The sound of war

The Israeli bombardment is not only destroying Lebanon's economy, it could also have a huge impact on the whole region, writes Massoud A. Derhally.

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By  Massoud A. Derhally Published  July 23, 2006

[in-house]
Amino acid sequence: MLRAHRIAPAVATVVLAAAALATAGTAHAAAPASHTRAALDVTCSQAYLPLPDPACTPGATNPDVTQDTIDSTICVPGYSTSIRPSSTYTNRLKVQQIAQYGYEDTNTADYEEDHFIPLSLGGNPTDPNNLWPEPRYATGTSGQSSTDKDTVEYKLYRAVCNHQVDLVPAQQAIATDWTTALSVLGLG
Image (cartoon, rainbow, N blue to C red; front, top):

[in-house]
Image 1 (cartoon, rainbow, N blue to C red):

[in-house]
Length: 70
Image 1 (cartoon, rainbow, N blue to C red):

|~||~||~|It is the nightmare scenario most Lebanese people had hoped to avoid; a relic of the past, a return of crestfallen memories from a civil war that had torn their country apart between 1975 and 1990. But what at first seemed to be a response by Israel to the killing of eight of its soldiers and the kidnapping by the militant Shiite group Hezbollah of another two, has become a sordid, daily campaign of indiscriminate bombardment, under the guise of fighting terrorism. "We have no other choice but [to destroy] the huge military infrastructure that they have built in south Lebanon…Whatever we are doing is targeted at Hezbollah, those who support Hezbollah and to make sure that no one in Lebanon in the future will allow Hezbollah to be active and to deploy. We want to consign our efforts to the destruction of Hezbollah. We always remember that Hezbollah was created by Iran as a tool to destroy Israel and fortunately now we are destroying them," Efraim Sneh, a former Israeli army general, and soon-to- be defence minister Amir Peretz's deputy, tells Arabian Business. The Israeli onslaught has been met with scores of rockets, rained by Hezbollah on Israeli cities, threatening to widen the conflict. The crisis has pushed Lebanon to the brink. Not because the Israeli attacks have killed over 260 civilians in Lebanon (as of July 19) and displaced over 500,000, or that Israel has demolished the underlying infrastructure of a country that was already US$40 billion in debt, but because it raises the spectre of civil war and a wider conflict between Israel and the backers of Hezbollah, namely Syria and Iran. For much of the last year and half, since the abrupt and sudden assassination of former Lebanese prime minister Rafik Hariri, Lebanese leaders from the Druze, Christian and Sunni communities, who largely make up the majority led government of premier Fouad Siniora, have been seeking a way to distance the country from the era of Syrian tutelage. But try as they might to bring the pro-Syrian and Iranian backed Hezbollah group into the fold, in a new period in which it would integrate itself into the new political climate and cede its weapons in line with UN resolution 1559, which requires all militias in Lebanon to be disarmed, they have failed. That failure has culminated in a political gridlock and a shifting of alliances over the past year, as well as heightened cynicism among the anti- and pro- Syrian camps. The country has become polarised. Lebanon's 18 different confessions and communities may make it a rich and diverse melting pot, but they also make the country all the more fragile. "The country is split. You have a very clear split between Shiites and non-Shiites, but there is always an element of nuance and ambiguity because obviously people are not happy to be bombed by Israel," Chibli Mallat, an international lawyer who has nominated himself for the presidency of Lebanon, tells Arabian Business. "But if you want to make things very simple and without nuance, the country is split between the one third which is Shiite and the two thirds which are Sunni, Druze and Christian," he adds. Moreover, in an atmosphere in which Syria is coming under international pressure because of its implication in the assassination of Hariri, and in the wake of mounting momentum on Iran to comply with the demands of the international community because of its alleged nuclear aspirations, it is perhaps no surprise that Lebanon has once again turned into a battlefield on which to fight proxy wars - as was the case during its 15 year civil conflict. "It is a showdown between Hezbollah and Israel, but most significantly, the regional implications of this showdown are profound, because of what it ultimately is. It's a test of Israel's military might, its political standing in the region, and by extension the US' versus Iran and to a lesser extent Syria," Amal Saad-Ghorayeb, assistant professor at the American University of Beirut and author of Hezbollah: Politics and Religion, tells Arabian Business. Ghorayeb believes the kidnapping of the Israeli soldiers was an autonomous decision taken by Hezbollah, but with coordination from Iran. "Ultimately, now is showdown time between the two strategic axes; the so-called axis of terror as the US and Israel dub it (Iran, Syria, Hezbollah and Hamas) versus the US, Israeli and European axis." But why now? Why is this happening at this particular time, and more importantly why did Hezbollah, as many Lebanese and analysts see it, play into the hands of Israel and provide it with a pretext to attack Lebanon? There is no clear-cut answer as to how this entire affair has snowballed, but there are certainly signs that both Israel and Hezbollah had prepared for such an outcome. The protracted situation in the Palestinian territories and the election of Hamas in January seem to have heated the political situation in the region to boiling point, especially after the Israeli army shelled a beach in Gaza killing seven family members, prompting Hamas militants to call off a 16 month truce and kidnap an Israel soldier. That event has been seen as a catalyst, paving the way for escalating tensions, and making military action by Israel, and an "adventurous gambit" by Hezbollah, as several Arab governments have described it, all the more a fait-acompli. "The operation launched by Hezbollah was launched without the knowledge of the Lebanese government, which has refused to adopt this operation and accept it. The government has taken its distance from the operation and as individuals so do we," Jawad Boulos, a member of the Lebanese parliament explained to Arabian Business, moments after Israeli warplanes blasted Beirut's port. "As parliamentarians we believe that what the Israelis are doing is a systematic destruction of the country that goes beyond any reasonable use of force. Essentially, it is going to cause a backlash by the Lebanese population against the Israelis. People are not going to accept the systematic destruction of their livelihood and their infrastructure and country." Israel's bombardment has destroyed over 20 bridges (as of July 19), the runways of the Beirut airport and part of the country's power grid, as well as sparking a humanitarian crisis. It has also taken its toll on Lebanon's economy, which until the outbreak of hostilities had been rebounding from the fall out of the assassination of Hariri. Thousands of tourists who visit the country in the summer and contribute over US$4 billion to the economy have fled, according to a senior analyst at a leading Lebanese bank, who spoke on condition of anonymity. "There is at least US$3 billion in infrastructure damage and loss of work. All the stock markets in the Arab world are down and this shows that this is a regional conflict," says the analyst. Some Lebanese are convinced part of the reason Israel has been so relentless in its blitz of the country is the resurgence of the tourism industry in Lebanon and its growing economy. Sneh, the former Israeli deputy defence minister, denies that. "We are not jealous of Lebanon. On the contrary, we want Lebanon to prosper. We want the Lebanese economy to grow. We want to have a rich neighbour, not an angry neighbour. We have an interest in the growth of the Lebanese economy. But we cannot allow in Beirut a little Paris, and in south Lebanon a Kabul or a Kandahar." Rami Khouri, editor at large of Lebanon's Daily Star believes Israeli policies are inherently flawed. "If there is a Nobel Prize for promoting terrorism it should be given for the last quarter century to the Israelis. They are the masters at implementing policies that generate a counter policy of increasingly militant resistance, and hard-line Islamist politics," says Khouri. "They can't do anything else except use their military power and talk tough and generate resistance. Every time Israel goes in with its army it leaves wreckage, out of which emerges a much stronger resistance movement and much more forceful popular support for it." According to the latest report from one of Lebanon's leading banks, Bank Audi, because of the adverse security developments "the monetary situation and mood on capital markets [has] shifted from [a] favourable to a wait and see mood that has not been reported since the assassination of ex-prime minister Rafik Hariri." Banque du Liban, the Lebanese central bank, has been forced to draw on its foreign reserves because of the crisis, selling part of its US$12.75 billion assets. The Beirut Stock Exchange (BSE) has thus far declined 11% and, in an effort to prevent a drastic plummeting in market capitalisation, has cut the daily limit for price fluctuations to 5% from 15%. But these are the immediate effects. The wider implications include the heightening of nervousness among investors, who will either put a freeze on their projects in the country or simply not enter the market if the violence continues unabated. This daunting scenario has not only led to an exodus of Lebanese, ironically to Syria, or to the mountains of Lebanon, but has also vexed many, who blame Hezbollah for their collective punishment. "While I do blame Hezbollah it seems that Israel was looking for a reason, a catalyst to do what they're doing," says Ali Fadlallah, a 32-year-old Shiite and a relative of Hassan Nasrallah of Hezbollah and Shiite spiritual leader Muhammad Hussein Fadlallah, who the Israelis have tried to kill. "A lot of people who used to back Hezbollah are now fed up, but I can't see the situation turning as serious as a civil war." Karim Farra, a Saudi-born Syrian Lebanese Muslim is devastated by the events in Lebanon. "I was scheduled to be interviewed by Commerce Du Levant about the new wave of entrepreneurs who have moved back to Lebanon. A couple of days later, I find myself taking refuge in France," he says. But he adds: "Hezbollah is not to be entirely blamed; a massive Israeli onslaught of this sort can only be premeditated and intended." Rana Ballout, a 31-year-old secular Shiite, who fled Lebanon to Dubai via Syria, doesn't apportion blame to anyone. She is jaded with politics in Lebanon, and believes what is taking place is an inevitable consequence of the political gridlock between those who support Syria and those who don't. "This is Resolution 1559 on the battlefield," Ballout says. "The [anti-Syrian] parties were unable to disarm Hezbollah through politics, so Israel is forcing the issue on the battlefield, as are those that support Hezbollah. This has a regional dimension with Iran and Syria on the one hand, and the US and some Gulf States and Israel on another. A Hezbollah victory will change the dynamics in the region and a defeat will further marginalise the Islamists." But many Lebanese are incensed at what they see as a blatant violation by Hezbollah of the Lebanese state, and that the organisation's leader secretary general Hassan Nasrallah acted outside the realm of his authority when he ordered his cadre to attack the Israeli soldiers. Boulos, the Lebanese parliamentarian, is one who is angry. "The operation that was launched by Hezbollah was a major blow to the government because essentially the way it was launched and the reaction of Hezbollah after it was launched, was more or less a statement that they can completely bypass the government and that they don't believe the government exists in practice, or that it has any role to play. It has completely sidelined the government and rendered it impotent," he says. "The first victim of this operation was the Lebanese government and the second victim was the Lebanese people. I believe it is completely unacceptable that the decision to go to war should be left in the hands of any individual Lebanese or party. This is a decision that the government has to take and the government has to ensure it is the only party that can make a decision like this." Ghorayeb, who is an expert on the Shiite group, believes Hezbollah could not have miscalculated and was planning such an operation as far back as November 2005. "Hezbollah must have been aware that they would provoke an Israeli reaction of this kind. Of course they envisioned such a scenario. Many Lebanese are very angered that they would go ahead and take the risk," she says. But whilst the dichotomy of Lebanese politics persists, there appears no indication that Hezbollah is willing to capitulate to Israeli demands or balk under the intense bombardment. If anything, the destruction of the infrastructure and the obliteration of the Shiite stronghold neighbourhood of Harit Hrayk have strengthened the resolve of the group and its leader. "I don't think Hezbollah is, like any other Lebanese group, really interested in public opinion. We are such a divided and polarised society that it is virtually impossible for any group in Lebanon in such a sectarian society to really cater to all the different sects," points out Ghorayeb. "There is no public in Lebanon. When you talk about a public opinion in Lebanon you presuppose a unified nation. We don't have a nation. We have many publics and Hezbollah has support of its public. Hezbollah was banking on the following and this could very well materialise; that even among the non-Shiite Lebanese, many of them with time will forget who started this thing. Hezbollah triggered this cycle of violence but if we keep on bearing the brunt of Israeli attacks then most Lebanese are going to be more incensed at Israeli reaction than Hezbollah's abduction, which did not warrant an attack on civilians. A lot of Lebanese are saying 'let Israel kill Hezbollah fighters, let them retaliate in that way'. Disproportionate is a terrible word to use because it implies that you could kill some civilians but not in that proportion. They should not be killing civilians, period." But while the present crisis may have increased the tenacity of Hezbollah, it also brought tears to the eyes of Lebanese premier Fouad Siniora as he pleaded in a televised address to his cabinet for the international community to intervene and the UN Security Council to implement a ceasefire. His calls went unheeded. Israeli prime minister Ehud Olmert did, however, make what Israel and its allies consider an overture and softening of its stance on July 17, when he announced Tel Aviv would agree to a ceasefire should Hezbollah release the Israeli soldiers, retreat from the Lebanese-Israeli border and be replaced by the Lebanese army. Israel's previous condition was the disarmament of Hezbollah as per UN Resolution 1559. What this indicates is that the Israeli government is toying with different proposals and has definitely backtracked from an earlier comment by Olmert to UN Secretary General Kofi Annan that Israel would accept nothing short of the implementation of Resolution 1559, which calls for disarmament; not just troop redeployment. Hezbollah has so far been unfazed by the Israeli proposal, and says it would only give up the soldiers in exchange for Lebanese prisoners in Israel. The Shiite group is also not going to accept pulling away from the southern Lebanese border, because that would fundamentally be tantamount to disarmament. "It's inconceivable, because it would mean that Hezbollah is paralysed. What use are guns if it can't launch them across the border? It's not going to use them internally," says Ghorayeb. "The talk of moving back from the border and not asking Hezbollah to disarm, that would really put Hezbollah in an even more awkward position. It would make it look more like a militia and mount further pressure on it to disarm. At least now it is on the border and has justification for being armed." The present impasse is ugly and difficult. In many ways it illustrates what Hezbollah has been arguing all along; that the Lebanese state cannot defend the country in times of crisis and Israel has been able to qualify this with its offensive. It has effectively proven what Hezbollah has maintained all along in Lebanon's national dialogue ― which was supposed to bridge the divide between the various Lebanese factions ― that Israel is a continuous threat to the region and would wait for the trigger to demolish Lebanon. More importantly it validates another point of the Shiite group, that the Lebanese army is inept and the state non-existent. The unstoppable attacks by Israeli planes and the use of ground troops by Israel on July 19 has only served to reinforce Hezbollah's argument. "As far as Nasrallah is concerned, there is no state. Israel has thrust him into this role of national statesman and reduced the Lebanese government to nothing more than a lame duck puppet regime now," says Ghorayeb. "It has become an existential struggle." The outcome of this conflict will be significant not only domestically but also regionally. It is likely to change the face of the region. If Hezbollah loses then the Iranian-Syrian-Islamist axis will be marginalised and the strategic balance of power that the US seeks in the region will be stronger more than ever, according to Ghorayeb. On the other hand, if Hezbollah succeeds in forcing Israel to unconditionally accept a ceasefire, and then engage in a prisoner exchange (which doesn't seem plausible) then that would be an incredible defeat for Israel and a major political victory for Hezbollah and would change the regional power equation dramatically. But for Lebanon, whether Hezbollah succeeds or fails, the government of Fouad Siniora has been proven to be impotent, and is likely to be dissolved at the end of the crisis. "The weakness of this government has been exposed flagrantly to the entire world. Not only is it weak, its main patron the United States has clearly turned its back on it. The US democracy promotion agenda is false and inconsistent," says Ghorayeb. "What kind of democracy are they trying to build when they don't give a damn about how our economy in a matter of days has been destroyed? By refusing to call a ceasefire they are not bolstering the Siniora government. It's very much an apocalyptic war, because of the profound impact it's going to have on many levels." ||**||